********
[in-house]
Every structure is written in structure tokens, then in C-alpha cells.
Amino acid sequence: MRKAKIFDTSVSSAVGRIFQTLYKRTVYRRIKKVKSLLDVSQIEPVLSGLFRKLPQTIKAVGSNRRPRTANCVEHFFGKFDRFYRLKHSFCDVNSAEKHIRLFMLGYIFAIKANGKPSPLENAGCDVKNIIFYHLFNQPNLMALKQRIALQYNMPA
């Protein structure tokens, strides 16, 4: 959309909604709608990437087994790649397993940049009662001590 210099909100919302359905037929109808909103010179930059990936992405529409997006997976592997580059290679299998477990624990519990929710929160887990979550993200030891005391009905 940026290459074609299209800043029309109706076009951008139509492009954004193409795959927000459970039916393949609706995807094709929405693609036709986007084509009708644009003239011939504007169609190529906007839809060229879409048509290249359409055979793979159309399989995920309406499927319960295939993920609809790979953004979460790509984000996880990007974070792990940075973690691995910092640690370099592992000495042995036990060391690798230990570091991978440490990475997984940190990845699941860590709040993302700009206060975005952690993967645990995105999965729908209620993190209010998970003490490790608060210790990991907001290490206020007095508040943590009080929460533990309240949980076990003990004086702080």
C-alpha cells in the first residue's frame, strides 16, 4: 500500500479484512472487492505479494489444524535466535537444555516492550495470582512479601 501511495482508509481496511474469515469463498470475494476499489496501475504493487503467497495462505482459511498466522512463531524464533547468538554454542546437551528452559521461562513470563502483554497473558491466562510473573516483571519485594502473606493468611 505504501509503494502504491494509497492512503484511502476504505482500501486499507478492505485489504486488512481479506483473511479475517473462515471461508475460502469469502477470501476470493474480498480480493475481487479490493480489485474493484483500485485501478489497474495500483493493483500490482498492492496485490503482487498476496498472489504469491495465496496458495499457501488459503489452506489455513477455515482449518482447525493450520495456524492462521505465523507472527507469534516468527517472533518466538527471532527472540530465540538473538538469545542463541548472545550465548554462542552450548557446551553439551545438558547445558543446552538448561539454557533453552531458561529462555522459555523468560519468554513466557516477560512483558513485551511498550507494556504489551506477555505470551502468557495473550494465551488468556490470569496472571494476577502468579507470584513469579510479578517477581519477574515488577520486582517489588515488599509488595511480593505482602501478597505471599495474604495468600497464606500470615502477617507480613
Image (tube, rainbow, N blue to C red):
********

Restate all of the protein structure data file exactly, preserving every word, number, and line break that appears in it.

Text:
[in-house]
Every structure is written in structure tokens, then in C-alpha cells.
Amino acid sequence: MRKAKIFDTSVSSAVGRIFQTLYKRTVYRRIKKVKSLLDVSQIEPVLSGLFRKLPQTIKAVGSNRRPRTANCVEHFFGKFDRFYRLKHSFCDVNSAEKHIRLFMLGYIFAIKANGKPSPLENAGCDVKNIIFYHLFNQPNLMALKQRIALQYNMPA
């Protein structure tokens, strides 16, 4: 959309909604709608990437087994790649397993940049009662001590 210099909100919302359905037929109808909103010179930059990936992405529409997006997976592997580059290679299998477990624990519990929710929160887990979550993200030891005391009905 940026290459074609299209800043029309109706076009951008139509492009954004193409795959927000459970039916393949609706995807094709929405693609036709986007084509009708644009003239011939504007169609190529906007839809060229879409048509290249359409055979793979159309399989995920309406499927319960295939993920609809790979953004979460790509984000996880990007974070792990940075973690691995910092640690370099592992000495042995036990060391690798230990570091991978440490990475997984940190990845699941860590709040993302700009206060975005952690993967645990995105999965729908209620993190209010998970003490490790608060210790990991907001290490206020007095508040943590009080929460533990309240949980076990003990004086702080």
C-alpha cells in the first residue's frame, strides 16, 4: 500500500479484512472487492505479494489444524535466535537444555516492550495470582512479601 501511495482508509481496511474469515469463498470475494476499489496501475504493487503467497495462505482459511498466522512463531524464533547468538554454542546437551528452559521461562513470563502483554497473558491466562510473573516483571519485594502473606493468611 505504501509503494502504491494509497492512503484511502476504505482500501486499507478492505485489504486488512481479506483473511479475517473462515471461508475460502469469502477470501476470493474480498480480493475481487479490493480489485474493484483500485485501478489497474495500483493493483500490482498492492496485490503482487498476496498472489504469491495465496496458495499457501488459503489452506489455513477455515482449518482447525493450520495456524492462521505465523507472527507469534516468527517472533518466538527471532527472540530465540538473538538469545542463541548472545550465548554462542552450548557446551553439551545438558547445558543446552538448561539454557533453552531458561529462555522459555523468560519468554513466557516477560512483558513485551511498550507494556504489551506477555505470551502468557495473550494465551488468556490470569496472571494476577502468579507470584513469579510479578517477581519477574515488577520486582517489588515488599509488595511480593505482602501478597505471599495474604495468600497464606500470615502477617507480613
Image (tube, rainbow, N blue to C red):